''The preliminary reports sent to us after Shabbir underwent tests at the University of Western Australia show his action is now within the tolerance level allowed by the International Cricket Council (ICC),'' Saleem Altaf, the PCB's director of cricket operations, told Reuters.
''In view of these reports we will be approaching the ICC to allow him to resume playing international cricket as soon as the ban period ends on Dec. 19,'' Altaf said.
Shabbir, who has taken 51 wickets in 10 Tests became the first bowler to be banned for 12 months last December after his action was reported by match officials twice in 2005.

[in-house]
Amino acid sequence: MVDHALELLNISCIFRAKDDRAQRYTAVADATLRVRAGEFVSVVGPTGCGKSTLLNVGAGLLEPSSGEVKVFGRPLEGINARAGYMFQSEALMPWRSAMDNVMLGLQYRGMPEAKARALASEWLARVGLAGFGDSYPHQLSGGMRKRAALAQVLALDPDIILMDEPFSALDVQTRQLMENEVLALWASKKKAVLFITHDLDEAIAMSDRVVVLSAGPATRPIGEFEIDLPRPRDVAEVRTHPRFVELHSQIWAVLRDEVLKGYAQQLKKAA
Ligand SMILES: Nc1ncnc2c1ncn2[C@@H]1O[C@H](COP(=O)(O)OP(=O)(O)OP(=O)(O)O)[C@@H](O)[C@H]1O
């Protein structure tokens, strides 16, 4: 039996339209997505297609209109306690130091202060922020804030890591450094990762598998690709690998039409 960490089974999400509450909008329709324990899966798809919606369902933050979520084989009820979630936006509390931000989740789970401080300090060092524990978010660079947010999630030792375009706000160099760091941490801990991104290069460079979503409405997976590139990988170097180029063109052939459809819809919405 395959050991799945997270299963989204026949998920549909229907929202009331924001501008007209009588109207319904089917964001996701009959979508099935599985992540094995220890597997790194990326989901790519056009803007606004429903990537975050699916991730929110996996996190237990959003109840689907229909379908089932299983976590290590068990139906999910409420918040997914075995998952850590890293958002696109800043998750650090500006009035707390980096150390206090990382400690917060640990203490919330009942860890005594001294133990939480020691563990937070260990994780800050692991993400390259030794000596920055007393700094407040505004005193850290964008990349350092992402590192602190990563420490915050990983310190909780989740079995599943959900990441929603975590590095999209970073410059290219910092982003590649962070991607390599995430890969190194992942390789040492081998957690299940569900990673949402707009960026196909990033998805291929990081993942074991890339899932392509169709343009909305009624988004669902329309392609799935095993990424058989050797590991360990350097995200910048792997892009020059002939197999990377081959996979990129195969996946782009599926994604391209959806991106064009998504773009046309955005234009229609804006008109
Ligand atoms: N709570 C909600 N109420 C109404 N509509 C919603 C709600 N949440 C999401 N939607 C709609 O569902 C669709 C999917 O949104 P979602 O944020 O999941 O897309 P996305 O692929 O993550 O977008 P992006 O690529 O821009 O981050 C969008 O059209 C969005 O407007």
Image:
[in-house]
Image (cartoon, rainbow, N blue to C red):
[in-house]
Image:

The 30-year-old was sent to Australia last week by the PCB for fresh biomechanical tests on his corrected bowling action under the supervision of Professor Bruce Elliot and Daryl Foster.
''It is good news that his action has been found within legitimate parameters laid down by the ICC. The detailed report is expected within a week after which we will go for the clearance,'' Altaf said.
The ICC tolerance levels allow bowlers to extend their elbows up to 15 degrees.
''His bowling action will remain under scrutiny by ICC match officials and if he is reported or called again he can face another long ban,'' Altaf added.
Pakistan are keen to have the seamer available for next year's tour of South Africa and the World Cup in the West Indies after Shoaib Akhtar and Mohammad Asif were given doping bans earlier this month following positive tests for the steroid nandrolone. Both bowlers are appealing the punishment.